Tuesday, December 29, 2009

Chasing the Latest Literary Trend—Smart, or Not?

    Okay, so vampires are hot. Seems like all you have to do is stick a blood thirsty (literally) vamp in your novel and it will sell like hotcakes. Or so you've been told. Or maybe you're tempted to write a techno-thriller, in the style of Tom Clancy, or a fantasy inspired by Harry Potter's success. Why? Because, again, these genres have sold millions of books, bringing wealth and fame to their authors and agents. Why not cash in on what works?

    Well, there's no reason why anyone shouldn't try. Except…think about it a moment. Is it the genre itself, or the author who spawned it that's the reason for these stories working so well? When a trend begins in the fiction world, it usually happens because of the passion and talent of an individual writer. This writer follows a vision of the novel he/she wishes to create, and often takes a substantial risk that, because it's something new and different, the book may be rejected by publishers who are more interested in safe, tried-and-true types of stories. When a book like Twilight first appears, it's a surprise and takes a while to catch on…but if it does, it has the possibility of becoming a sensation. The possibility. Readers are the ones who decide whether or not a book actually will become a bestseller.

    And what about all the other vampire tales and fantasies that have suddenly appeared in Twilight's and Harry Potter's wake? Aren't they selling well? Many are. Then why shouldn't you, an author trying to break into publishing, benefit from the feeding frenzy and create yet another, say…Dracula clone? Well, there's no reason you can't. But take a look at the scores of vampires and werewolves and shape shifters competing for shelf space in your favorite bookstore. Does your passion for this type of story promise to raise your novel above these as well as the truckloads of similar novels that weigh down literary agents' and editors' desks at this very moment?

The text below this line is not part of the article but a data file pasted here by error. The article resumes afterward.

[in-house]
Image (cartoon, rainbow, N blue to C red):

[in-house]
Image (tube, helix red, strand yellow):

The point is…following a trend seems to work best if you are lucky enough to have a book ready to go in the earliest days of readers' enthusiasm for the new type of story. If it will take you a year or more to write the book you imagine will be the next Twilight, you're probably already too late. Trends are ephemeral things; they burn themselves out. And no one knows what the next one will be, until some lucky editor spots that book that takes fiction in a slightly new direction, and makes an offer on it.

A lot of what goes into coming up with the next literary sensation is luck, but some of it is passion, extraordinary writing, and belief in your story. And, yes, the willingness to risk failure. I love to see an author take a risk, write a magnificent story, then be "discovered" by readers. And I hate to see new writers desperately trying to copy today's hot trends, because I worry that by the time they finish that first novel their market will have evaporated. Then they may give up without ever letting their unique talent shine.

    So, here's a suggestion. Instead of trying to jump on the bandwagon, write from your heart but also take the pulse of your prospective readers. What kind of story would you love to read? Into what sort of novel do you think your friends, co-workers, family might enjoy escaping? No, there aren't any guarantees you'll be rewarded for your effort, but I for one believe your chances of success are better writing something you really care about…rather than slogging away at a borrowed idea or character model with which you have no emotional or artistic connection. Give me, and the world, something marvelous to read, something to take our breath away and make the rest of us writers say, "Damn, I wish I'd written that!"

    Happy writing—Kathryn.

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